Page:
Full disclosure: A review copy of Minecraft: Builders & Biomes was provided by Ravensburger.
Licensed games! They’re definitely a mixed bag, but I can’t help myself; I’m always so curious about what they’re going to make into a board game. This time, it’s Minecraft’s turn. It’s got some interesting pedigrees so far, though: named designers, published by Ravensburger, pretty consistent blend of theme and mechanics; but will it hold up? Only one way to find out!
In Minecraft: Builders & Biomes, you play as one of many explorers in likely a private server building structures, exploring new lands, and fighting off a ton of monsters that want to devour you, bones and all. You do so by doing what you do best in Minecraft: mining and crafting. Will you be able to forge a path and explore this new world? Or will your resourcefulness run out of, well, resources?
First thing is the most fun part of the entire game: the cube thing! Take the blocks and dump them into the cube holder:
They will become a beautiful cube of cubes! You might have to shake it a bit. Give each player a player board:
Have them set up a standee and take an Experience Marker:
Give each player a starting Weapon Set; have them shuffle the tiles into a deck:
Take the tiles and make a 4×4 grid of 3-tile stacks:
Add the remaining weapons around the grid such that they’re adjacent to a tile. It’ll make a 6×6 grid with the corners removed:
Set all players in the center of the grid. You should be ready to start!
A game of Minecraft: Builders & Biomes is about building up your little slice of the world such that you score experience. The player with the most at the end, wins! The game is played over a series of turns, during which you can take any two different actions, of five possible actions. Let’s outline them.
Take two blocks from the large cube of blocks. Note that you may only take a block if its top face and at least two other faces are visible.
Move up to 2 spaces away. A space is any junction of tiles on the board; you never move onto tiles. When you stop moving, reveal the tiles (not the weapons) that are now adjacent to your character if they haven’t already been revealed.
Multiple characters can be on the same “space” at the same time.
To build, you must be adjacent to the tile you want to construct. Spend the blocks pictured on the tile (green blocks are wild; you may use them as any block) to take that tile and place it anywhere on your player board (even on top of another tile). Put the spent blocks back into the box; they cannot be used again.
Some structures cost more than usual; in return, they provide immediate experience points upon construction.
Do not flip over a new tile when you take a tile; it must be flipped via an Explore action.
Some tiles are decidedly not friendly. They’re monsters! To fight them, shuffle your weapon stack and reveal the top three tiles. Hopefully they have hearts on them; some are potatoes, which are decidedly not useful for combat reasons.
If you reveal at least as many (or more) hearts than the printed value on the mob tile, you defeat it! Take it and place it next to your player board; you immediately gain the experience on the tile next to the lightning bolt. Do not flip a new tile. If you do not reveal as many hearts, the mob stays where it is. You did not defeat it. You have to live with that.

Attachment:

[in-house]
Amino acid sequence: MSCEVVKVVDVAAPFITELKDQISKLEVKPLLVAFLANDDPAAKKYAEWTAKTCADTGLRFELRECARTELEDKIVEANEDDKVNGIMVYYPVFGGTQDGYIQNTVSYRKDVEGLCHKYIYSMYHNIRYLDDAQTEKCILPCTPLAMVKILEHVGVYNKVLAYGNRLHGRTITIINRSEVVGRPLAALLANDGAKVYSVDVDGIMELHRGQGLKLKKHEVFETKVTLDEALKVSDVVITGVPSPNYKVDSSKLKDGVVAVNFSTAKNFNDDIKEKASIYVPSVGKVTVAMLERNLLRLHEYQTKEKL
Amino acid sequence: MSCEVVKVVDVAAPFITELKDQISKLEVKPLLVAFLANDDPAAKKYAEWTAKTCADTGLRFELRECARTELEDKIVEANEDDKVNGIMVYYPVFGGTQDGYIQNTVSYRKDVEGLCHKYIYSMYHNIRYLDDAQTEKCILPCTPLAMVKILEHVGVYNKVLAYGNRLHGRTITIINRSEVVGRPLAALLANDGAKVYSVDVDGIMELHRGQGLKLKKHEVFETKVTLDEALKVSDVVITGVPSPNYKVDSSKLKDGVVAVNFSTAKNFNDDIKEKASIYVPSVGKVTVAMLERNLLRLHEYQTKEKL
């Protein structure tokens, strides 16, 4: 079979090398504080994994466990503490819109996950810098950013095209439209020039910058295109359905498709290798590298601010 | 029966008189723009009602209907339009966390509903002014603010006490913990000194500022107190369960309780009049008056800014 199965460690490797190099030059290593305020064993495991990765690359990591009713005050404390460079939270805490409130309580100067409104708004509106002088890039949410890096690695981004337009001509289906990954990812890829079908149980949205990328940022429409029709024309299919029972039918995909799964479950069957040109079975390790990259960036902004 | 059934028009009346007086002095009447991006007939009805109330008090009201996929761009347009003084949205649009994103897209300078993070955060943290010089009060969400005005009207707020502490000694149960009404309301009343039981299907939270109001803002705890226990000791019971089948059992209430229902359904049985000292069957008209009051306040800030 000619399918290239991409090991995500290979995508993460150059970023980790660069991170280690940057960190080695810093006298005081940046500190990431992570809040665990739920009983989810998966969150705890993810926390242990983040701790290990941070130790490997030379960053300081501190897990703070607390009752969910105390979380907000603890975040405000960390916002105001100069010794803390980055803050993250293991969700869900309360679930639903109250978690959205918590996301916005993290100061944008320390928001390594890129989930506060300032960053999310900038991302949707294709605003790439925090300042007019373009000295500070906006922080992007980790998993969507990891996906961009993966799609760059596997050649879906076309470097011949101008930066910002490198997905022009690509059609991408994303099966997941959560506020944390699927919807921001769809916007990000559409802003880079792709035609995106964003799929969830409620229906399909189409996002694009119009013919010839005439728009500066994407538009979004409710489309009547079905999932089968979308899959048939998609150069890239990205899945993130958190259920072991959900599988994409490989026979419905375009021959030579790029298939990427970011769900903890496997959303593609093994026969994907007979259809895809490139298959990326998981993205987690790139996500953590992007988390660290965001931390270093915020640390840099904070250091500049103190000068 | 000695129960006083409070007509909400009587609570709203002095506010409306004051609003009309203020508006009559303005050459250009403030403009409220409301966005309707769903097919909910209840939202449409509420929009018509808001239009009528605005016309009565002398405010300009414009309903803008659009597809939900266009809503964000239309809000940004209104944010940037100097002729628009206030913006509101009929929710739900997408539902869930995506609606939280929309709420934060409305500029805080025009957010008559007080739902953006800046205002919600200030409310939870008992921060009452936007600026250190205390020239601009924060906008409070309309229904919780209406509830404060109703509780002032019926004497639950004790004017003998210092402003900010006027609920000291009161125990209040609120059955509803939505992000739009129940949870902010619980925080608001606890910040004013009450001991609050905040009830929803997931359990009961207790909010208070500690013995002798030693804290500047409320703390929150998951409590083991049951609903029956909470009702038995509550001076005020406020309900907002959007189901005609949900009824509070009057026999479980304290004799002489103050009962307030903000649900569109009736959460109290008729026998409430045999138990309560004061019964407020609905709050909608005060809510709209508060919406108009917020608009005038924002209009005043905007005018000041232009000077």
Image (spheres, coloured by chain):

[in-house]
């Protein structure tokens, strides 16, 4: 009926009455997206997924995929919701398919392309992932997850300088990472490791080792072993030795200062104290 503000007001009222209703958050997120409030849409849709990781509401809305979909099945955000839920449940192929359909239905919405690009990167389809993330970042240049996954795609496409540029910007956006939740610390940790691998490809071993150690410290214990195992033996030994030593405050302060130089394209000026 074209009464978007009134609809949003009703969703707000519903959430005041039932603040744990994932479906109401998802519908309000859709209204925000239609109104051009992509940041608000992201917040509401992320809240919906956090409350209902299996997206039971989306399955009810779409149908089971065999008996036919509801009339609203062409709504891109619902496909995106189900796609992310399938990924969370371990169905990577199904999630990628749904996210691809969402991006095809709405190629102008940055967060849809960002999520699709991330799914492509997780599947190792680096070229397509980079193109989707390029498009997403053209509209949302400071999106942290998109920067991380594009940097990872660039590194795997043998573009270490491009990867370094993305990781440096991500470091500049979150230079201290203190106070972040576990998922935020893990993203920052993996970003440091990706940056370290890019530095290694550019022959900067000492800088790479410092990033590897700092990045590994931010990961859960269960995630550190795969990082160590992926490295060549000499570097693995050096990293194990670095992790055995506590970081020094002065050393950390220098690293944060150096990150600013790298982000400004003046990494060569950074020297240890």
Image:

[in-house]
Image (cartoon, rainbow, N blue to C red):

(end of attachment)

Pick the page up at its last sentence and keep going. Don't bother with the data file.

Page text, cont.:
Some defeated mobs will allow you to perform a bonus action on your turn; others will give you end-game points. It’s worth considering which mobs provide what bonuses when you want to fight them!
If your character is currently adjacent to a weapon token, you may take one and shuffle it into your weapon deck.
End of Round
At the end of a player’s turn, if a complete layer of the big cube has been depleted, the round ends. Immediately score based on the round number:
- Round 1: Score based on the type of biome.
- Round 2: Score based on the type of the material used.
- Round 3: Score based on the type of the building.
Generally, you score your largest contiguous area of the same type of thing. You may choose to score a smaller one if it’s worth more points per tile. For younger players, ignore the contiguous part of that requirement; just give them points for every tile they have of that type.
If you clear more than one layer, it’s possible to end multiple rounds at the same time. Score in round order, in that case.
End of Game
The game ends immediately after the third scoring round. The player with the most points wins!
Player Count Differences
Weirdly, the game has no accommodations for player count increases; I figure it just leverages that there are more cubes than you’ll need and more tiles than you could ever want, so, knock yourself out, various player counts. That’s generally not bad, but it does mean the game tends to go faster at higher player counts, not slower, since the cube of cubes (cube cube) tends to be more quickly picked apart by players. Isn’t that weird? But in a fun way. You’ll notice turns going by a bit slowly, though, since you do see three times as many actions before your turn in a four-player game. It also means that the game can get away from you; technically, a player can (usually) only take two blocks on a turn, so you’re safe from the round ending if there are at least three blocks on the current layer at the end of your turn. In a four-player game? You need to have at least seven blocks to make sure that the round won’t likely end before it gets back to you. That’s a much larger area! I generally like low-chaos and high-control games, so, naturally, I tend to enjoy this game most at the lower end of the player count spectrum, personally. I don’t really have a problem with the higher player counts; I just think I like it best at two.
- Get some weapons. This is pretty key; you’re not playing on Peaceful Mode; Creepers, Endermen, and some really gross skeletons are coming for you and you need to be able to beat them up. If you have zero weapons, that’s not going to work out for you.
- Double down if you need to. This is especially true if you get the Golden Hoe; you should be fighting constantly to try and get its +2 points every turn if you can. It’s a ridiculously good item. Similar for the Diamond Sword, but that’s just because it’s incredibly strong. If you can get those to activate pretty regularly, you’re going to be cutting through most things and getting some pretty great bonuses, to say nothing of what the mobs give you when you defeat them.